As ancient records go, cheese was invented more than 4,000 years ago. It is said that some Arabian merchant was transporting milk in a bag made of sheep’s stomach and the rennet (enzymes) in the lining of the pouch curdled the milk and transformed it into cheese. The art of making cheese then was taken to Europe by travelers from Asia and then it was discovered by the United States. In fact more than one third of milk produced in the United States is made into cheese!
The making of cheese is an art and it takes connoisseurs to appreciate good cheese. In fact, cheese is a lot like wine, while bacteria is used to ferment grapes to make wine, bacteria is also used to ferment milk to make cheese and give it a distinctive appearance, aroma, taste and texture. A cheese has a lot going into it, starting from the kind of milk used, the location where it is being produced, whether the milk is pasteurized, the introduction of the bacteria and the mold and also how much it is aged. No wonder cheese pairs well with wine!
While there are hundreds of different cheeses available, here is quick guide to 6 of the most common cheeses you will come across in a departmental store or in recipes that use cheese.
Considered one of the oldest cheeses in the world, Feta cheese originates in Greece and is made from a mixture of goat and sheep’s milk (70 per cent sheep milk and 30 per cent goat milk) and is a part of every Greek meal in some manner or the other. Similar white cheese is also made outside the European region, wholly or partly from cow’s milk. Feta cheese is protected under EU legislations since 2002 and only those cheeses that are made in a particular way in some parts of Greece can be called Feta. Overall, Feta is salty and tangy to taste, is creamy white in colour with small or no holes and comes in large blocks submerged in brine. The better Feta is 4-6 weeks old and it becomes saltier with age. Feta cheese can be used in many ways. It can be used as a table cheese with olives, bread and green vegetables, added to salads or pastas, used as a filling for omelets and also as an ingredient in Greek pies. The cheese also goes well with red and white wines.
Mozzarella is Italy’s claim to cheese fame. Traditionally, Mozarella cheese is made from the milk of water buffaloes which are found only in some locations, so most of the Mozzarella you come across will be made of cow’s milk. Buffalo Mozzarella, made from the milk of the domestic Italian water buffalo from the Campania region in Southern Italy has a protected status. Unlike a lot of other cheeses, Mozzarella is not aged, but needs to be eaten fresh within a few hours it is made. The cheese has a soft and moist texture and is milky to taste. Freshly made Buffalo Mozzarella is soft and creamy, as compared to mass produced Mozzarella made from cow’s milk. Mozzarella is used mostly on pizzas and Italian pasta dishes. It also tastes greats with snacks and salads and is a key ingredient of the classic Italian salad, the Insalata Caprese. Mozzarella goes well with white wine, but also can be paired with light and fruity red wines.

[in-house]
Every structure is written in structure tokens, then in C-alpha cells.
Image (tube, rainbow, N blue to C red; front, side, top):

Gouda or ‘How-da’ as the locals say it is named after the city of Gouda in Netherlands where it was originally produced in the 6th century. It is mostly made of cow’s milk, though it is also made of goat’s milk and aged for a long time. Most of the cheese produced in Holland today is Gouda cheese. Gouda cheese has a mild flavour with a sweet and nutty taste and it is creamy, creamier than cheddar. As it ripens, Gouda changes its appearance, taste and colour. There are seven different versions of Gouda cheese depending on age. While the younger versions are in form of light yellow paste, the older versions are harder, more brittle, saltier and a deeply coloured. Smoked Gouda is made my smoking Gouda cheese in brick oven over hickory chips. Young or baby Gouda goes best with beer and juices, as a seasoning in salads, topped over crackers or paired with fruits like cherries and peaches. Aged Gouda is paired with fruits like apples and pears, used in desserts and cocktails that are made of these fruits and also goes well with full-bodied red wines like Pinot Noir.